Recently the Obama administration announced guidance on public/private partnerships between the government and faith-based groups is unlikely to please those looking for assurances that religious groups will be required to abide by civil rights protections in hiring and firing.
The 50-page report comes 18 months after President Obama issued an executive order calling for more transparency as faith-based groups work with the government to meet social needs and amidst never-ending controversy surrounding the Catholic Church’s refusal to abide by non-discrimination policies in administering social services.
The report breaks little new ground, but reaffirms that a faith-based organization can provide federally funded social services without removing religious art, scriptures and symbols from their facilities. It also makes clear that explicitly religious activities can’t be supported by federal funds but are permitted if they are funded privately and occur at a separate time and location from programs that receive government money. Finally, beneficiaries who object to the religious character of a provider must be referred promptly to an alternative.
Separation of church/state watchdog Americans United gave the guidance a mixed score. Said the Rev. Barry W. Lynn, Americans United executive director, “This guidance makes some significant improvements to the Bush faith-based initiative, but it falls far short of what it ought to do. This fails to fully protect the interests of Americans who need help from their government or the rights of taxpayers who don’t want their money subsidizing religion.
“And worst of all, this leaves in place Bush rules allowing overt bigotry in government-funded employment,” Lynn continued. “A fundamentalist Christian church can still run a publicly funded social service program and hang out a sign that says, “Government job opening: No Catholics, Jews, Muslims or Atheists need apply.”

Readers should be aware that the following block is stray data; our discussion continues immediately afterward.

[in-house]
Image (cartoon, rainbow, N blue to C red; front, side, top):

Lynn, who served with a White House working group that offered advice on the church-state implications of the faith-based initiative, said he is also concerned that some of the language in the new guidance seems overly focused on giving religious agencies too much leeway in how they operate public social services.
Said Lynn, “There are a lot of loopholes in this guidance, and I fear that some of them are big enough to drive a church bus through.”
He noted, for example, that the guidance forbids the use of public funds to buy or distribute devotional materials but also says that staff in federally funded programs may teach about religion and make use of the Bible and other scripture if it’s “consistent with the purposes of the program.”
The guidance also shows the deep hypocrisy of the religious right’s attack on Planned Parenthood since the heart of that argument is the fact that any funding that goes to the health care provider necessarily supports, in some fashion, abortion services since those dollars can’t truly be segregated out from other sources of funding.
Most troubling of all though, is the fact that the presumption remains that faith-based organizations can simultaneously receive federal funding and engage in activities that violate the federal constitutional guarantees of other Americans.
Photo from jjjj56cp via flickr.
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